“Exports of smaller categories of goods fell by ‘only’ 50 percent in dol- lar equivalent terms, which is an indiation rather of the hryvnia’s devaluation than a significant decrease in real trade volumes,” Ponomarenko told the Kyiv Post.
Russia remains “an important trade partner” for Ukraine, she said, citing the geographical proximity of the countries.
Back in 2014, when Russia sent its military to invade and annex Crimea and then into the Donbas to ignite the current war, regular Ukrainians were the first ones to call for a shutdown of trade with Russia.
Activists launched a campaign in social media, urging people to stop buying Russian-made goods.
Baskov said he stopped using Russian bank Alfa Bank, and he avoids the Russian-owned chain of fitness centers Sportlife.
“I don’t buy (Russian) chewing gum, chocolate bars or chemical products,” he told the Kyiv Post.
The campaign turned into a wave of protest, with Ukrainian retailers also joining the boycott. Store managers started marking Russian goods with warning signs reading “Made in the Russian Federation.”
In response, Russian President Vladimir Putin ended his country’s free trade agreement with Ukraine in 2015. Ukraine’s cabinet struck back by banning several dozen types of goods from Russia.
Then in January 2016, the Ukrainian and Russian governments extended the mutual embargoes on certain types of goods they initiated in 2015.
Russia banned Ukrainian meat, poultry, fish, vegetables, milk, fruits, and nuts. Ukraine’s list is longer, and includes fish, caviar, poultry, meat, cocoa, sweets, coffee and tea, beer, alcohol, cigarettes, locomotives, and much more. Ukraine has also banned the sale of weapons to Russia, as well as products that can be also used for military purposes.
However, Alexey Doroshenko, a Samopomich Party lawmaker and the head of the Retail Trade Suppliers Association of Ukraine, told the Kyiv Post that the Ukrainian government doesn’t know much about the actual situation on the market.
“They observe the situation from the hills of Pechersk,” Doroshenko said, referring to the fact that most Ukrainian central government buildings are located on the hills of Kyiv’s Pechersk District.
Data published bythe State Statistics Service confirm Doroshenko’s claim, revealing that both sides break their own embargoes.
In 2016, Ukraine imported from Russia $306,000 worth of meat and fish, $187,600 worth of coffee and tea, and sugar and confectionaries worth $500,900. Many descriptions of imported and exported goods in the statistics are vague, making it difficult to prove that the embargo was indeed violated.
One of the goods banned for import from Russia, was one of the nation’s signature products – caviar.
But according to Doroshenko, Ukrainian businesses decided the ban concerned only caviar packed in cans. So they keep importing caviar as a raw material packed in large drums, Doroshenko says, and then repacked into jars for retailing, marking them as “made in Ukraine.”
“You can see how wealthy a country is by checking its exports. The higher the level of processing is, the wealthier the country is. That’s because a product packed in small jars, designed with brand labels, costs a lot more than the same product packed in large cans and sold as a raw material,” Doroshenko said.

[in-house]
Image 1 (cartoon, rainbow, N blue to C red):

In an emailed comment to the Kyiv Post, the press service of Ukraine’s Economic Development and Trade Ministry emphasized the fact that the importation of all Russian caviar has been banned by the government since 2015.
“There is no mention of whether it is packed in Russia or not,” the press service said.
Will ‘suffer more’
Kateryna Chepura, spokesperson of the Vidsich Civic Movement that organized the boycott of Russianmade goods in 2014, said the fact that Ukraine and Russian are still main economic partners after three years of war is traumatic.
“Unfortunately, our economies are deeply connected. We understand that and are not calling for an immdiate cut of all the economic ties with Russia as Ukraine will suffer more from that,” said Chepura. “Although our government has been taking measures to decrease our dependence from Russia, the movement is really slow and reluctant. In three years of war they could have done much more than impose the selective list of banned products.”
Baskov is hoping Ukrainian and Russian relations can return to normal -- but, for that, Putin would have to go.
“I’m sure that the Russian regime will fall, and we’ll be able to trade with Russia the same as with any other civilized country – on an equal basis, and with competitive market conditions,” he said.
The Boycott Russian Gas Station group protests outside Russian gas stations TNK and Lukoil in Kyiv on Aug. 22, 2014. Participants used fire extinguishers and spraypaint. Three years into the Kremlin’s war against Ukraine, Russia remains Ukraine’s largest trade partner and investor. (Kostyantyn Chernichkin)
BY VERONIKA MELKOZEROVA, OLENA GONCHAROVA and ALYONA ZHUK Vidsich Civic Movement activists hold posters calling for a boycott of trade with Russia – which has the product code 460 -- as other protesters lie on the floor in one of Kyiv supermarkets during a “Russian-made Kills” performance in 2014. (Courtesy of Vidsich)
A customer examines country-of-origin identifying codes of caviar in a Kyiv supermarket on March 22. Caviar was included in the list of banned Russian goods by the Ukrainian government in 2015. However, experts say Ukrainian businessmen keep buying it from Russia as raw material and repackaging it as “Made in Ukraine.” (Volodymyr Petrov)